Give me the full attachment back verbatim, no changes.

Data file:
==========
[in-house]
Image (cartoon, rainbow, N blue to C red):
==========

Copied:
[in-house]
Image (cartoon, rainbow, N blue to C red):